Axel Törneman, in Nordisk familjebok
Johan Axel Gustaf Törneman
28 October 1880
Persberg, Värmland, Sweden
|Died||26 December 1925 (aged 45)|
|Education||Värmland School of Art, Kunstakademie München,|
Adolf Hölzel, Académie Julian
|Known for||Modern art, Painting; graphic design|
Johan Axel Gustaf Törneman (28 October 1880 – 26 December 1925) was one of Sweden's earliest modernist painters. Born in Persberg, Värmland, in Sweden, he grew to work in several modernist styles, was one of the first Swedish expressionist artists, and became a part of the international avant-garde in art after embracing more abstract art styles in Germany and France that were evolving there during the early 1900s. He created his most famous paintings, Night Café I and II, and Trait, in France in 1905. These night café paintings, made from studies in the Place Pigalle, and in other nightclubs popular with artists such as Café du Rat Mort (Dead Rat Café), are seen as two of Swedish modernism's most important works, and are considered breakthrough work of Swedish modernism.
Törneman gained international stature in 1905 at the Salon d'Automne in Paris with Trait I, and with his Narragansett Café in 1906. He went on to paint murals and decorations in public buildings such as the Royal Institute of Technology (KTH) and Stockholm City Hall, and other Stockholm buildings such as Norra Latin, Ragnar Östberg's Östermalms läroverkl, and the second chamber in the Parliament House. Törneman's paintings were recognized with a gold medal at the U.S. Panama–Pacific International Exposition, in San Francisco in 1915. Törneman died in Stockholm at age 45 after only a further decade of creative work.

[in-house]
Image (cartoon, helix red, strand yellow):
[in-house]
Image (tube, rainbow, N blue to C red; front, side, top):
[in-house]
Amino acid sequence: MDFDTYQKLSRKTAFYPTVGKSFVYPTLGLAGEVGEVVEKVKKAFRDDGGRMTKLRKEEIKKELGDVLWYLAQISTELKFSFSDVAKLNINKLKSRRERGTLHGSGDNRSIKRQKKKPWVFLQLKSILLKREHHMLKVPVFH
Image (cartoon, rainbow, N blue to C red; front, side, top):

Education, travel, and early work
Johan Axel Gustaf Törneman was born on 28 October 1880 in Persberg, Värmland Sweden, the son of John Algot Törneman, an engineer at an explosives factory; his grandmother was the cookbook author Gustafva Bjorklund.
Törneman studied at Värmland School of Art in Göteborg in 1899 under Carl Wilhelmson, then toured the Nordic lands for a short while before traveling to study on the European continent in the years 1900–1905. In Europe, he first studied at the Kunstakademie München (now the Akademie der Bildenden Künste München), then went to Dachau to study under Adolf Hölzel. In Munich he was influenced by the Art Nouveau movement and symbolism, Arnold Böcklin, Franz Stuck, and others.
Törneman grew to work in several modernist styles, was one of the first Swedish expressionist artists, and became a part of the international avant-garde in art after having embraced the then-new, more abstract art style in Germany and France during the early 1900s.
Career in France and Sweden
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After leaving Germany, Törneman was active in Paris for four years, and also in the Breton village of Coudeville, Brittany. In Paris he studied at the Académie Julian, where after seeing van Gogh's and Gauguin's work, he brightened his palette. During his time in Paris, Törneman's friends were able to locate him by following the sketches he left in Paris cafés.